2023, October 4: Bullish Moon, Venus on Final Approach

Photo Caption – Venus, Jupiter, Mars, Regulus, October 20, 2015


by Jeffrey L. Hunt

Chicago, Illinois:  Sunrise, 6:51 a.m. CDT; Sunset, 6:28 p.m. CDT.  Check local sources for sunrise and sunset times. Times are calculated by the US Naval Observatory’s MICA computer program.

Photo Caption – Annular Eclipse 2012

An annular or ring eclipse, popularized as a “ring of fire” eclipse, occurs across a large track in the western hemisphere on the 14th.  Regions outside the main shadow see a partial solar eclipse.   For sky watchers in Chicago, the moon covers 43% of the sun, while 79% is covered from Phoenix.

View the eclipse safely without the damaging effects of prolonged exposure of the sun.  An eclipse does not cause eye damage, but the interest in looking at the sun is the issue.  Normally, we turn away from the brilliant sun when it is in our vision, but the eclipse generates its own interest.

Photo Caption – Straw Hat eclipses, May 20, 2012

Projection methods are the safest ways to view the eclipse.  Anything with small holes, such as a straw hat produces images of a tiny crescents on a white sheet on the ground or n a white shirt.

Summaries of Current Sky Events
Summary for Venus as a Morning Star, 2023-24

Here is today’s planet forecast:

Morning Sky

Chart Caption – 2023, October 4: Jupiter and the gibbous moon are in the western sky before daybreak.

On the 10th, Saturn sets as Venus rises.  The planet is not as bright as the Morning Star or Jupiter, and it is easily lost in the haze and blurring effects of the air near the horizon.

Venus rises three hours, forty-two minutes before the sun at Chicago’s latitude and Saturn reaches the horizon twenty-three minutes later.  Without a binocular Saturn is lost as Venus rises.

After the 10th, the Ringed Wonder, returning to the morning sky with Venus next year, sets before Venus rises.

Through a telescope at 4:40 a.m. CDT, Jupiter’s Great Red Spot is centerstage in the southern hemisphere. Jupiter’s moon Io, silhouetted against the planet, is to the lower right of the spot.

One hour before sunrise, the bright moon, 71% illuminated, is high in the south-southwest, with Taurus, 11.2° to the upper right of Aldebaran, the Bull’s brightest star, and 6.8° below Elnath, the northern horn.  The lunar orb is bright enough to blot out the fainter stars.  Block the moon with your hand to see them.  A binocular helps to locate the southern horn, Zeta Tauri, the Hyades star cluster, and the Pleiades star cluster.

Aldebaran and the Hyades make the Bull’s head, with Aldebaran marking an eye.  The Pleiades ride on the animal’s back.

Bright Jupiter is 17.1° below the Pleiades, 12.9° to the left of Hamal, Aries’ brightest star, and 11.2° to the upper right of Menkar, Cetus’ nostril.  The Jovian Giant is retrograding slowly moving toward an imaginary line from Hamal to Menkar.

Chart Caption – 2023, October 4: During morning twilight, Venus approaches Regulus in the east.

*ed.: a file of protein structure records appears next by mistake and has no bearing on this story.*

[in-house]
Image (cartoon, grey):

At this hour, brilliant Venus is in the eastern sky, near Regulus, Leo’s brightest star.  The planet is the brightest starlike body in the sky this morning, easily mistaken for an airplane.  It is nearly 30° above the east-southeast horizon, 4.9° to the upper right of the star.  Venus passes by in five mornings.

Thirty-five minutes before daybreak, bright Mercury is less than 5° above the east cardinal direction.  Use a binocular to find it.  The planet continues a retreat into bright sunlight after its best morning appearance of the year.  While these articles bade the speedy planet a formal farewell a few mornings ago, Mercury aficionados can continue to track it a few more days before the sky is too bright to see it.

Evening Sky

Photo Caption – 2007, December 1: Late winter in the northern hemisphere shows clouds above the northern polar cap and some above the southern cap. (NASA Photo)

Mars is not visible as it sets about 30 minutes after sunset. 

Chart Caption – 2023, October 4: After sundown, Saturn is in the southeastern sky near Skat and Lambda Aquarii (λ Aqr).

An hour after the sun sets, Saturn is nearly 25° above the southeast horizon.  At this hour, it is the third brightest starlike body in the sky after Arcturus and Vega.

The planet is retrograding in front of Aquarius’ distant stars, 10.2° to the upper right of Skat, the Aquarian’s leg, and 10.7° to the right of Lambda Aquarii (λ Aqr).  Use a binocular to see the planet with the stars, although they are outside the field of view that has the planet.  Start at Saturn and move the binocular the appropriate directions to see them.

Saturn is south about four hours after sundown.  By tomorrow morning it is low in the west-southwest haze as Venus rises.

Bright Jupiter rises eighty-four minutes after sundown.  By three hours after nightfall, the Jovian Giant is nearly 25° up in the east.  As the new calendar day begins, the planet is less than halfway up in the east-southeast.  The moon is about 15° up in the east-northeast at this hour.  Tomorrow morning, Jupiter is in the west-southwest.


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